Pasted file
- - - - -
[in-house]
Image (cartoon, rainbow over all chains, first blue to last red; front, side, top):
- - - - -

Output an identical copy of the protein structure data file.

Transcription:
[in-house]
Image (cartoon, rainbow over all chains, first blue to last red; front, side, top):